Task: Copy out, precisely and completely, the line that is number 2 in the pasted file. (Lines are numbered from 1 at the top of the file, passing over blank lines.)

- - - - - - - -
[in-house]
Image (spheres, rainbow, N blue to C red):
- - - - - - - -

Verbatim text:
Image (spheres, rainbow, N blue to C red):